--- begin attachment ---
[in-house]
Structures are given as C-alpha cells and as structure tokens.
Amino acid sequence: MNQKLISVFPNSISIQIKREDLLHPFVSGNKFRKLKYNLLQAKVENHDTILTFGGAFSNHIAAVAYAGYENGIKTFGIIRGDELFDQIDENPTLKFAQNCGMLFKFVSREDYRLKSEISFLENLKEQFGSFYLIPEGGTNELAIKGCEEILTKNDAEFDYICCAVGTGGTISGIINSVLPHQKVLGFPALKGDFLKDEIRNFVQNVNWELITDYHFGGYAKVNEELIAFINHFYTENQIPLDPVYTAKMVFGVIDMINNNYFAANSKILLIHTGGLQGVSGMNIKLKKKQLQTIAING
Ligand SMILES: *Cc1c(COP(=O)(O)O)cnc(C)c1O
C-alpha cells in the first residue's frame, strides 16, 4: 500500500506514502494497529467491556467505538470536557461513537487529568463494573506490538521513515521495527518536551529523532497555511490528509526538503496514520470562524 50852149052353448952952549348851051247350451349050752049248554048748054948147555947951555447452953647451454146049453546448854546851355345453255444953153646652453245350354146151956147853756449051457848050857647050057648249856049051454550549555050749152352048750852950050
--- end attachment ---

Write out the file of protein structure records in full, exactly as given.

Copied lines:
[in-house]
Structures are given as C-alpha cells and as structure tokens.
Amino acid sequence: MNQKLISVFPNSISIQIKREDLLHPFVSGNKFRKLKYNLLQAKVENHDTILTFGGAFSNHIAAVAYAGYENGIKTFGIIRGDELFDQIDENPTLKFAQNCGMLFKFVSREDYRLKSEISFLENLKEQFGSFYLIPEGGTNELAIKGCEEILTKNDAEFDYICCAVGTGGTISGIINSVLPHQKVLGFPALKGDFLKDEIRNFVQNVNWELITDYHFGGYAKVNEELIAFINHFYTENQIPLDPVYTAKMVFGVIDMINNNYFAANSKILLIHTGGLQGVSGMNIKLKKKQLQTIAING
Ligand SMILES: *Cc1c(COP(=O)(O)O)cnc(C)c1O
C-alpha cells in the first residue's frame, strides 16, 4: 500500500506514502494497529467491556467505538470536557461513537487529568463494573506490538521513515521495527518536551529523532497555511490528509526538503496514520470562524 50852149052353448952952549348851051247350451349050752049248554048748054948147555947951555447452953647451454146049453546448854546851355345453255444953153646652453245350354146151956147853756449051457848050857647050057648249856049051454550549555050749152352048750852950050